What do you make of a pre-ordained masterpiece? Terrence Malick’s breathlessly-awaited The Tree of Life had its world premiere this morning in Cannes, and the smattering of livid boos against the torrent of applause felt delicious, if only to puncture an expectation of instant coronation for the Texan auteur.
Film fanatics have been reverently drooling over The Tree of Life for almost two years now, with bloggers heralding it based solely on a handful of available photos and a slight synopsis (Brad Pitt plays a bad dad! Sean Penn’s his bitter son! Plus…dinosaurs!) And, within an hour of its first-ever screening, a tsunami of opinions flooded the world almost instantly. The Hollywood Reporter had its review out in 42 minutes; Variety followed 19 minutes later. (HR was in such a rush that it mentioned Pitt giving his “final” performance instead of his “finest.”) What chance does any movie have—especially a Grand Statement about cosmic design—when the media’s appetite to ingest is stronger than its desire to savor?
Today’s screening began at 8:30am—which, considering the pent-up anticipation, meant that people had started queuing just after 7am, as the town’s sanitation trucks finished hosing down the streets and local boulangeries were pulling out fresh batches of croissants. And that eager early-bird audience was rewarded with a sumptuous spectacle of the universe in all its humbling glory; spellbinding elemental images of the natural world; and childhood reveries both angelic and demonic. Bouncing between the dawn of time, 1960s small-town life in Waco and present-day Dallas skyscrapers, The Tree of Life is unlike any other film, including Malick’s previous pictures, and possesses an audacious ambition that handily puts most other movies to shame.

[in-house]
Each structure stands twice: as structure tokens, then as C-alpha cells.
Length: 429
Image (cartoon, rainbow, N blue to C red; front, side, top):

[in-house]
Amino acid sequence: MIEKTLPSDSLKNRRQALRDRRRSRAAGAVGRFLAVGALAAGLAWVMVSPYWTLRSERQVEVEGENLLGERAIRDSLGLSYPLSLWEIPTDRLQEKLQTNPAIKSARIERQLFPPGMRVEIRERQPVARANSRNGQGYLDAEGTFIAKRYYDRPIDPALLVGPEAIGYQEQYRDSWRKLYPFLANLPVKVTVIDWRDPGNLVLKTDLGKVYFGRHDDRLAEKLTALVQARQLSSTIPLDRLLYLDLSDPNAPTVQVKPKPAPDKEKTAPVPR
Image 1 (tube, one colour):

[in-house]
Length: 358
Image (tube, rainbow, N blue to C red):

Pity the good couldn’t go unchecked by the bad. Ever since he made his debut with Badlands four decades ago, Malick’s use of voiceover accompanying pacific splendor has been a signature style as well as an easy, self-indulgent target for parody; and The Tree of Life sure has it in all its elliptical, prophetic, whispery glory. And when the images aren’t capturing the shock and awe of life’s mysterium tremendum, they just feel almost risible, like fisheye glamour shots from a Chanel ad campaign.
There are more than a few truly blissful moments of transcendence, but the execution is wobbly in fits and starts. Still, the ambition is above reproach, especially considering how easy it would be for a matinee idol like Pitt to stick to franchises and popcorn pictures. Not only does he star in The Tree of Life, he was also one of the film’s producers. “Why are we here? What’s the purpose?” he asked rhetorically during a televised interview today on one of France’s broadcast networks. “I share those same philosophical questions. To me, they’re unanswerable.” Reflection is a rare asset in Hollywood, let alone in the hothouse snark of the blogosphere that likes to paint Malick more as an infallible shaman. The Tree of Life deserves accolades, but its faults need to be recognized as well. It’s the only way an audience can digest and absorb something worth chewing.